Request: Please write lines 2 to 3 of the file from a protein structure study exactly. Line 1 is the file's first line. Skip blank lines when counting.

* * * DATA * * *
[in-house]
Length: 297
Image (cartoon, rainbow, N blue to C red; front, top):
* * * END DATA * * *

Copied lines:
Length: 297
Image (cartoon, rainbow, N blue to C red; front, top):